Wine Country

Cape of Good Wines

A feast of South Africa’s finest

 

By Angela Sanchez

South Africa is one of the most beautiful places I have ever visited, full of dichotomies, and singular in the world of wine. Whenever I mention its wines to people I get two types of responses — either they are excited to talk about South Africa and already love the wines; or they look confused and have no point of reference for either. But South Africa is near to my heart, and the wines are a great way to talk about the place, its people, its beauty and its history.

The Dutch brought vines to the Cape of South Africa in 1655, making it the oldest New World wine-growing region (North America, South America, Australia, New Zealand and South Africa making up the New World). It’s a long history but not always a great one.

During apartheid, the country was shut off from exchanging ideas, vines and modern innovations with other wine-producing countries. During that time, not only did South African vintners and growers miss out on a time of intense modernization and progress in the industry, many of their vines were diseased. Unable to bring in new, healthy vines to graft from or plant they often produced wines from diseased vines, resulting in inferior quality and taste.

Once apartheid ended, producers were able to travel, host and network with other vintners and producers around the world to replant their vines and modernize their facilities and winemaking techniques. It brought them not only into the modern age but also, in many ways, into a leadership role in the industry. Today South African growers and vintners partner with the government to ensure that not only are the wines and vineyards managed properly, fitting designated quality standards, they ensure that workers in the vineyards and wineries are treated fairly, with equal pay and protection. It’s a higher ethical standard than any other wine-producing country.

People are often shocked to find out that the Cape growing region has almost 550 active wineries. Of those, about 200 are registered to produce estate bottled wines, meaning the winery will be producing wines that come solely from their own vineyards — nothing will be purchased from other producers for those bottlings marked “estate.” A much smaller percentage, closer to about 50 wineries, actually produce wine that is truly estate bottled.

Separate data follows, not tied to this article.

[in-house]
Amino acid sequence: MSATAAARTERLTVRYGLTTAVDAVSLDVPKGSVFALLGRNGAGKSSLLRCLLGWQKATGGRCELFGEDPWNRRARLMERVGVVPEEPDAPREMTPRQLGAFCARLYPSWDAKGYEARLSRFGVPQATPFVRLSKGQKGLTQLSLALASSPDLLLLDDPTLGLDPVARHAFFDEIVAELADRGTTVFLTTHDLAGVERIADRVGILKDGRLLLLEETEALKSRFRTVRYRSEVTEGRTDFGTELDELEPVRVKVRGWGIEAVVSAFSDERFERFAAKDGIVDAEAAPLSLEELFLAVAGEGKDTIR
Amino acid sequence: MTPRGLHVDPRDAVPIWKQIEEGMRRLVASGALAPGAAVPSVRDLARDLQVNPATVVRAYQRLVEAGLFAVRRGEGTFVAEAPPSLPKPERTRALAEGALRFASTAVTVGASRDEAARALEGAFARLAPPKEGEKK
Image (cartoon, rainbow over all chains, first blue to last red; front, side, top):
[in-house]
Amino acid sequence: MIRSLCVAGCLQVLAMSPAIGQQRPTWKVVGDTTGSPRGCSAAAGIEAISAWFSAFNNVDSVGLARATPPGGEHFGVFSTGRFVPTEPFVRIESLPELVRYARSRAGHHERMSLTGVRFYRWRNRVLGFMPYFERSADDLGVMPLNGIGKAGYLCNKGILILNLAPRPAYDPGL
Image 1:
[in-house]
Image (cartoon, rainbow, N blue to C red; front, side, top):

This is not to say that only a handful of wineries are producing good, or even great, bottles of wine. Many wineries and co-ops in the Cape are today producing some of the best values in the wine world. Chenin blanc, or “steen” in the Cape, is the most widely planted white grape varietal, and cabernet sauvignon is the most highly planted red. If you’re looking for fresh, easy-drinking styles that retail under $15-20 a bottle, seek these out.

For something truly unique, try a bottle of pinotage. It is a hybrid cross of pinot noir and cinsault created in South Africa, and can be a wonderful representation of place — earthy, smoky and jammy. Spice route pinotage is a generous style of this varietal. Dry farmed (without irrigation) in an arid and tough terrain from old vines, it produces a wine with briar fruit and dusty, peppery notes.

Each Cape growing region, or ward, is vastly different, one to the other. Drastic changes in elevation and topography make the wines and their characteristics as diverse as the regions themselves. One of the largest and best-known growing regions is Stellenbosch. The wines of this “district” are marked by the wide diversity of styles, driven by the different of types of soil, ranging from sandstone to granite. Two of my favorite producers for quality and value in the region are Neil Ellis and Man Vintners. Neil Ellis Stellenbosch Cabernet and Man Coastal Chenin Blanc are two great examples of amazing wines, showing distinct characteristics true to Stellenbosch while balancing a world-class line of quality between old and new world.

Another one of my favorite growing areas is Walker Bay, located in the Cape Overbay Region. Running along the “whale coast,” where the Southern right whale comes to mate, it’s a breathtakingly beautiful region. With a higher elevation and cooler climate than Stellenbosch, Walker Bay produces world-class chardonnay and pinot noir, especially from the area of Hemel-en-Aarde, meaning Heaven and Earth in Afrikaans. There are a few small estate producers in this highly distinctive region that are unlike any others in the Cape or the world. Cool Atlantic breezes and a fog that lingers over the vineyards keep the heat away, and the moisture around the vines helps produce the beautiful grapes that become such remarkable wines like those of Hamilton Russell Vineyards.

There are more growing regions in the Cape than I can possibly mention here. It’s home to species of flora and fauna that are not found anywhere else in the world, some of the oldest soils on the planet, and people determined to treat their land and people with respect, making it a dynamic place for growing grapes and producing wines — truly the best (blend) of Old and New World styles.

Welcome South African wines into your life and enjoy the diversity.  PS

Angela Sanchez owns Southern Whey, a cheese-centric specialty food store in Southern Pines, with her husband, Chris Abbey. She was in the wine industry for 20 years and lucky enough to travel the world drinking wine and eating cheese.

Photograph by John Koob Gessner

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